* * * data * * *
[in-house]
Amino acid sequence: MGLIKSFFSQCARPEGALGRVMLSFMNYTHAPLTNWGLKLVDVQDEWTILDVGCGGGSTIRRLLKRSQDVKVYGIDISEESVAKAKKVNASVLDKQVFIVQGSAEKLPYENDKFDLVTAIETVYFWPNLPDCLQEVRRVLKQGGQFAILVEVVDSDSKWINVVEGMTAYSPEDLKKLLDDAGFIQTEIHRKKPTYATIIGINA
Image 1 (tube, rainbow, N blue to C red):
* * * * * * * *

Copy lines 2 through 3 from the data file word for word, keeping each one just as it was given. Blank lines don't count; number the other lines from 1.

Amino acid sequence: MGLIKSFFSQCARPEGALGRVMLSFMNYTHAPLTNWGLKLVDVQDEWTILDVGCGGGSTIRRLLKRSQDVKVYGIDISEESVAKAKKVNASVLDKQVFIVQGSAEKLPYENDKFDLVTAIETVYFWPNLPDCLQEVRRVLKQGGQFAILVEVVDSDSKWINVVEGMTAYSPEDLKKLLDDAGFIQTEIHRKKPTYATIIGINA
Image 1 (tube, rainbow, N blue to C red):